Sample of crystalline sodium sulfite
| IUPAC name
| Other names
Hypo clear (photography)
Sulfurous acid, sodium salt
|Molar mass||126.043 g/mol|
|Density|| 2.633 g/cm3 (anhydrous)|
1.561 g/cm3 (heptahydrate)
|Melting point|| 33.4 °C (92.1 °F; 306.5 K) (heptahydrate, decomposition)|
500 °C (932 °F; 773.15 K) (anhydrous, decomposes)
|27.0 g/100 mL water (20 °C)|
|Solubility|| Soluble in glycerol|
Insoluble in ammonia, chlorine, ethanol, isopropanol
|Acidity (pKa)||~9 (heptahydrate)|
|Safety data sheet||FisherScientific|
Except where otherwise noted, data are given for materials in their standard state (at 25 °C [77 °F], 100 kPa).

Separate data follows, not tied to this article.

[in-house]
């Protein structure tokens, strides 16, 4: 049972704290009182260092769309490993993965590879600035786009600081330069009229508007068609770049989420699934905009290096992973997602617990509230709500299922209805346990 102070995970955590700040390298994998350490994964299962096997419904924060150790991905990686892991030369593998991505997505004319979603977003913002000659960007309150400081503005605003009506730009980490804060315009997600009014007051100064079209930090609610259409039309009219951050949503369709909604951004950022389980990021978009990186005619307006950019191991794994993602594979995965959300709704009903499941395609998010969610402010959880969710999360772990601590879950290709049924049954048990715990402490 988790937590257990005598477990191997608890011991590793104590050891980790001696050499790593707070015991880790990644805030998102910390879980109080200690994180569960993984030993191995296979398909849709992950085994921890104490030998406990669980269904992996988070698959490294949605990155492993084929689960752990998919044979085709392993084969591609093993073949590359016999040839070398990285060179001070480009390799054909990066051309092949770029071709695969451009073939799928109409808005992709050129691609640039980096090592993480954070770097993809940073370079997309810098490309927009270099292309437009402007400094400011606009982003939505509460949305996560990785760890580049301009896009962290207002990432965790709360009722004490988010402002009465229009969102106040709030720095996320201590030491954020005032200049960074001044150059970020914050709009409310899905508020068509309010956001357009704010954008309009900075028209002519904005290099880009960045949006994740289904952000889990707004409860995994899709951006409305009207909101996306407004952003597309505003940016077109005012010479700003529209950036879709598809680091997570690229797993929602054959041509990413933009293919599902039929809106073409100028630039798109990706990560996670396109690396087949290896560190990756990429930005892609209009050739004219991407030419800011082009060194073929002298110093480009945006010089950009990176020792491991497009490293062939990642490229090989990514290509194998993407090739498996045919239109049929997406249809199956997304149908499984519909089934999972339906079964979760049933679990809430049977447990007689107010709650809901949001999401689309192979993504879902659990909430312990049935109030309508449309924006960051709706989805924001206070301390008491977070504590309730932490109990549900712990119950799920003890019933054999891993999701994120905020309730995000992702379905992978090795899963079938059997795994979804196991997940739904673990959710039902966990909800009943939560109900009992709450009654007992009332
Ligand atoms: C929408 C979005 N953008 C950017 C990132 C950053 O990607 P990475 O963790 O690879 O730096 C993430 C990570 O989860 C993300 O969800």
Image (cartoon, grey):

Sodium sulfite is a chemical compound with the formula Na2SO3, used as a reducing agent.
Sodium sulfite releases sulfur dioxide if a strong acid, such as hydrochloric acid, is added.
- Na2SO3 + 2 HCl → 2 NaCl + SO2 + H2O
Sodium sulfite will slowly oxidize in air to sodium sulfate.
Sodium sulfite is an odorless white crystalline solid, soluble in water and glycerol.
Sodium sulfite can be purchased from various food retailers as antioxidant for foods.
It can also be purchased from chemical suppliers.
Can be made by bubbling sulfur dioxide in a solution of sodium hydroxide, while maintaining the pH>7.
- Reducing agent
- Etard reaction
- Neutralize bleach
- Bucherer reaction
- Corrosion inhibitor
Sodium sulfite is irritant and should be handled with care.
Sodium sulfite should be kept in closed bottles, away from air.
Neutralization is not always necessary, but it can be destroyed with bleach.